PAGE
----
Research group Adnane Achour
Structural and Biophysical Immunobiology. Mass-Cytometry.
Expertise and Importance of the recruitment for the Department of Medicine in Solna and the Karolinska Institutet
The expertise of the Achour research group is multiple, making use of a combination of structural biology, biophysical characterization and immunology to understand the function of pathogen-derived virulence-associated proteins as well as to define novel procedures that allow for the design of MHC-class I-restricted altered peptide ligands. Deep knowledge in molecular biology, biochemistry, X-ray crystallography and Small Angle X-ray Scattering is combined with expertise in functional in vitro and in vivo immunological assays as well as a large panel of different biophysical technologies, including Surface Plasmon Resonance and Isothermal Titration Calorimetry, to define and study how proteins interact with other ligands, how they manipulate and distort immune responses and finally how one may reestablish efficient immunological responses and/or define novel inhibitors.
Cellular communication is achieved through the interactions of specialized receptor molecules at the cell surface and their ligands. Our research group uses X-ray crystallography and Small Angle X-ray Scattering (SAXS) to study receptor-ligand interactions between T or NK cell receptors and Major Histocompatibility Complex (MHC) molecules, as well as bacterial adhesins and virulence-associated molecules.
All of our studies are complemented by a wide array of immunological assays as well as an extensive amount of biochemical techniques, including surface plasmon resonance and circular dichroism. By understanding the structural details of proteins, we can probe their function and potentially design artificial ligands that could modulate their function and activity.
Development of MHC class I-binding altered peptides for vaccines
Using a combination of structural biology and immunology, our research group has defined a procedure that allows for the design of altered peptide ligands (APLs) that bind with high affinity to MHC-I ligands. The immunogenic APLs act as mimotopes of disease-associated non-immunogenic epitopes, and enhance the stability of MHC-I molecules. Importantly, these modified peptides conserve a structural conformation similar to the wild-type infection-derived or non-immunogenic tumor-associated peptides.
Studies performed within our laboratory demonstrate that the induced immunogenic CD8+ T cells cross-react with the original peptides, resulting in enhanced in vitro and in vivo responses. Studies of the functional and structural consequences of substitutions in APLs on CD8 responses directed towards tumor associated antigens and viral immune escape variants are ongoing. The effects of similar modifications are also tested on modulation of recognition by natural killer (NK) cells.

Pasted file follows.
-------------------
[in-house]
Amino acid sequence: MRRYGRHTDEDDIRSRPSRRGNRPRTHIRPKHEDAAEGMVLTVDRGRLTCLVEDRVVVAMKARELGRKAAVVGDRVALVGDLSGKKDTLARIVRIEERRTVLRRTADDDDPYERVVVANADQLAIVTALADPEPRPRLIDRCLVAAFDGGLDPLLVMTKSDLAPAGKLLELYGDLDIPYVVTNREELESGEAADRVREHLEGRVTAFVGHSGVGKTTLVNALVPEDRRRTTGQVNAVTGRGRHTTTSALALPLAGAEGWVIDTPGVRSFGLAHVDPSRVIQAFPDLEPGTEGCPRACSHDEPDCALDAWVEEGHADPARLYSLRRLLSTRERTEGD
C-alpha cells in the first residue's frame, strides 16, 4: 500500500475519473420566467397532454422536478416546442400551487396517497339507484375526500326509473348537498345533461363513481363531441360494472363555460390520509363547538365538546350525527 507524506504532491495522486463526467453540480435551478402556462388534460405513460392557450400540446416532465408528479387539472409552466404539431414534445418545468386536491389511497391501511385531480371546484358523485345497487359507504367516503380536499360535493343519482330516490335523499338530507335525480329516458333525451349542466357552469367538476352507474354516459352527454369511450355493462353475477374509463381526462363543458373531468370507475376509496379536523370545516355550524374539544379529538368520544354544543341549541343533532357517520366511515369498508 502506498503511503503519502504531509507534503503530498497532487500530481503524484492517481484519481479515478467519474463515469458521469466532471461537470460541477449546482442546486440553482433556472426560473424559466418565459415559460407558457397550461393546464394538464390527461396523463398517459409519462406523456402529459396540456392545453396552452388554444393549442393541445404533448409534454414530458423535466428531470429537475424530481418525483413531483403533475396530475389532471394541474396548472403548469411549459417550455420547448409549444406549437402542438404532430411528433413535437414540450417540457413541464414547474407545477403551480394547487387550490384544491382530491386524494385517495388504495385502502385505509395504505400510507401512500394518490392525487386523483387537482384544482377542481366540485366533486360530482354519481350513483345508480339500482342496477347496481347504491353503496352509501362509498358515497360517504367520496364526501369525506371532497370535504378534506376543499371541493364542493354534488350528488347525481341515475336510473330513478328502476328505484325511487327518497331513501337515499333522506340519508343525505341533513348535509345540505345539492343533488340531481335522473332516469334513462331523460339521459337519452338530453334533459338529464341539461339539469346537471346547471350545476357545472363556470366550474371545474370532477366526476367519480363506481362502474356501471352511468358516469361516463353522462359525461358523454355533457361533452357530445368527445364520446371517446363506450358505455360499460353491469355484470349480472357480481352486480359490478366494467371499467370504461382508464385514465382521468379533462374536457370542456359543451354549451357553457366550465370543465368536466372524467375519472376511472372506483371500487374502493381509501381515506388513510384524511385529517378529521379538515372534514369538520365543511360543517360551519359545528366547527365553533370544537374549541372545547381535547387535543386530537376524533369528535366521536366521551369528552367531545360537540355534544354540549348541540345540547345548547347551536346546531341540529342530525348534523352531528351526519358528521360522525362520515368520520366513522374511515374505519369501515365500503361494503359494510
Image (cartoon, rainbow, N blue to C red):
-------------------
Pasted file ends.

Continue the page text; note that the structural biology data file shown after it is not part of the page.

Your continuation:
Determination of the crystal structures of Streptococcus pneumoniae-associated virulence factors
Streptococcus pneumoniae (pneumococcus) is a major human pathogen and the leading cause of pneumoniae, bacteremia and meningitis in adults. The increasing number of antibiotic-resistant strains and the suboptimal clinical efficacy of available vaccines hamper control of this pathogen. We focus on novel virulence-related pneumococcal proteins that could be used as potential targets for future drugs.
Determination of the crystal structures of main allergens
Our research group has a strong interest in determining the crystal structures of allergens that provide important information regarding the initiation of allergy responses. These three-dimensional structures are used as templates for the design of hypoallergenic variants and to identify main antibody epitopes.
The Achour research group has been financial funded during the last 13 years by the Swedish Research Council (both Medicine and Natural Sciences), the Swedish Cancer Society (Cancerfonden), the Swedish Foundation for Strategic Research, the Wallenberg Foundation, VINNOVA, and the Swedish Childhood Cancer Foundation as well as a large quantity of minor foundations.
Adnane Achour, Professor, Group leader
|Yang Chen, Postdoc|
|Anatoly Dubnovitsky, PhD, senior scientist|
|Genadiy Kozhukh, Senior Research Specialist|
|Christina Gerstner, PhD student|
|Ida Hafstrand, Doctoral student|
|Jaromir Mikes, Postdoc|
|Tatyana Sandalova, Researcher|
|Tim Schulte, PhD, Postdoc|
|Lakshmikanth Tadepally, Research coordinator|
|Renhua Sun, PhD, Postdoc|
|Xiao Han, PhD, Postdoc|
Latest 10 publications
Elien M. Doorduijn, Marjolein Sluijter, Bianca J. Querido, Claudia C. Oliveira, Adnane Achour, Ferry Ossendorp, Sjoerd H. van der Burg and Thorbald van Hall (2016) Absence of central tolerance enables therapeutic exploitation of a CD8 T cell subset targeting hidden self-antigens. Journal of Clinical Investigation, 126(2):784-94.
Tim Schulte, Lifeng Liu, Marc Panas, Bastian Thaa, Nicole Dickson, Benjamin Götte, Tatyana Sandalova, Adnane Achour* and Gerry McInerney (2016) Combined structural, biochemical and cellular evidence demonstrates that both FGDF motifs in nsP3 of Semliki Forest and chikungunya viruses are required for efficient replication. Open Biology, in press. * Shared last author
|Davide Angeletti, Tatyana Sandalova, Mats Wahlgren and Adnane Achour (2015) Identification of the heparin sulphate binding site in the Plasmodium falciparum rosetting domain NTS-DBL1α of PfEMP1. Plos One, in press.|
|Miguel Angel Burguillos, Martina Svensson, Tim Schulte, Albert Garcia-Quintanilla, Edel Kavanagh, Martiniano Santiago, Antonio Boza-Serrano, Nikenza Viceconte, Maria Jose Oliva-Martin, Emma Salomonsson, Lahouari Amar, Anette Persson, Adnane Achour, Elisabet Englund, Hakon Leffler, Jose Luis Venero, Bertrand Joseph and Tomas Deierborg (2015) Microglia-secreted Galectin-3 acts as a Toll-like receptor-4 ligand and contributes to microglial activation. Cell Reports, in press.|